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Need help for sulfate detection using CRISM data


Deepali
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Hello,

I am a PhD scholar exploring water associated morphology and mineralogy of the Martian surface. I am working with L band of CRISM for detection of sulfates in my area. As Leask et al. (2018) have brought forward concerns with possible artifacts at 1.9 and 2.1 micron, I am having difficulty with confirming sulfates in my area. 

I have analysed radiance data for the same (as suggested by them). But my study area is dust covered so it has a lot of noise and spikes. I have tried ratioing radiance data but CO2 bands still persist. It does show absorption at those wavelength (similar to ratioed I/F) but CO2 absorption at 2.0 micron are big enough to destroy whole band shape.

As of now, I am not sure if they are actual or spurious absorptions. It will be grateful if anyone can help me in confirming the results or suggest any method for resolving this issue.

Thank you. 

 

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Hi: I am a CRISM Team Member and PDS Geosciences Node Manager. So, you generated an IOF from radiance data. Then you did the "volcano scan" atmospheric correction, both using CAT? And you still have lots of noise in the 2 micrometer region, artifacts from trying to remove the CO2 triplet? Let me know and we can then go from there.

Ray Arvidson

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Hi Ray,

Thank you so much for replying. Hope you are doing fine.

For the other minerals I processed CRISM images in CAT following the steps advised in workshop ppts (ATP corrections, georeferencing, summar parameter calculation).

For sulfates, as you must be aware, an issue regarding artifacts at 2.1micron has been raised. So I used radiance data for them specifically. And no correction was done on them. But in the end, I ratioed the radiance data (for representation purpose basically) but still I got triple absorption of CO2. That problem was observed in 1-2 datasets only. The feature was nullified in other CRISM images upon ratioing.

Since it has been suggested that a step during atmospheric correction may be responsible for thus artifact, I did not carry out volcano scan correction in radiance data. Are you suggesting I should perhaps try that?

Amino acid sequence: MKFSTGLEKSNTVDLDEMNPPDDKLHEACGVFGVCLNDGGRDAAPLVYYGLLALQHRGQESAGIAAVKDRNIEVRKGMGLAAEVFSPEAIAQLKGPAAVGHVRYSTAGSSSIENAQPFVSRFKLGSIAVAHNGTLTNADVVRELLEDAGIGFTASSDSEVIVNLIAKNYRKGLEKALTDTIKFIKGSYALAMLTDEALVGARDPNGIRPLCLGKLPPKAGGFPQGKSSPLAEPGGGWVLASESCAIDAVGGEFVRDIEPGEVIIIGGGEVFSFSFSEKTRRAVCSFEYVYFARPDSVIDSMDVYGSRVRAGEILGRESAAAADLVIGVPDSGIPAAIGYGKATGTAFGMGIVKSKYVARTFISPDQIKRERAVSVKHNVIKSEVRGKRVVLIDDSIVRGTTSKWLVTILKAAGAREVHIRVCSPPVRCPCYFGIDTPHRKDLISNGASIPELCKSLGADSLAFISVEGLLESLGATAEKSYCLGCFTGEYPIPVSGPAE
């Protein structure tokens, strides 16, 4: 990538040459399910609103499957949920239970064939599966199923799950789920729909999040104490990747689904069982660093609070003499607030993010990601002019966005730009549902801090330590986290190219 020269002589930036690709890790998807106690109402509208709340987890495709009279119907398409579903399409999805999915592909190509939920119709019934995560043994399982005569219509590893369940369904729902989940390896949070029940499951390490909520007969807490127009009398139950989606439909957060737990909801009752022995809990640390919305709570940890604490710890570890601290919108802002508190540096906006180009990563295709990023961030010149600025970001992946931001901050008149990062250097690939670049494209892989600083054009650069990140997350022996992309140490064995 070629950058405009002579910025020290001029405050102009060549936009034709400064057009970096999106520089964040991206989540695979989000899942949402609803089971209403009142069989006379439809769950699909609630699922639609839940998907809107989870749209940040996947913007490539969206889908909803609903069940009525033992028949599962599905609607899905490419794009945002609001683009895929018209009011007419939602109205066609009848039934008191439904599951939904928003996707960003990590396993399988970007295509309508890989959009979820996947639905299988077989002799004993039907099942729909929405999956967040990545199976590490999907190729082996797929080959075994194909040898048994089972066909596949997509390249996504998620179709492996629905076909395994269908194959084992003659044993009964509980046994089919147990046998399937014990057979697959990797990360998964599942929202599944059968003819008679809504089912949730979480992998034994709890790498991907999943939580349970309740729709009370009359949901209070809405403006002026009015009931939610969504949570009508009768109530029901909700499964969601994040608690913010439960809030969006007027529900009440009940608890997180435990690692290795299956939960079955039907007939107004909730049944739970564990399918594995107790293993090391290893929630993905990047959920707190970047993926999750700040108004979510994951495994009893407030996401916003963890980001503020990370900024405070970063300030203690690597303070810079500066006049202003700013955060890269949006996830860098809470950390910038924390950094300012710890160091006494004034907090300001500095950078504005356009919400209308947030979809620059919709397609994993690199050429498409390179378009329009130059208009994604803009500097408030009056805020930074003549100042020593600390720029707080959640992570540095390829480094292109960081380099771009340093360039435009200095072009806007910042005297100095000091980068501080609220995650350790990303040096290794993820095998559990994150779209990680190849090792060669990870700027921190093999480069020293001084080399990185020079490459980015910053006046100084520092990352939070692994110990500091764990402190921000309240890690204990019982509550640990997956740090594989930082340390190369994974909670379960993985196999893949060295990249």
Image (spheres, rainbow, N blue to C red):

Beacuse of the spikes at that wavelength, it has become very difficult for me to correctly identify if the absorptions are real or not. I am willing to share the images of ratioed radiance if that is helpful.  

Thank you again for your time.

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First, do not give up on use of the IOF archive products. The artifacts mentioned in the Leask paper are associated with sharp albedo boundaries.

Second, you need to turn the radiance into IOF files in CAT by using the "Radiance to IoF" function. Then you can do volcano scans and other processing steps. This will just produce noisier results than using the archived IOF files.

I suggest do your work on archive and radiance to IoF files and compare results.

Ray Arvidson

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Hi Ray,

I have used IOF products for my work but for sulfates I have been told to confirm the absorption features by looking into radiance data also (in which I am facing this problem). 

Anyhow, so even for radiance data we have to do IOF conversion before analysis?

Thanks.

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For the radiance data you must convert to IOF using the CAT tool before doing anything else. You need IOF products, i.e., radiance divided by the solar radiance for each band where the solar radiance used in the CAT conversion is for the heliocentric distance for Mars at the time of the observation.

Ray

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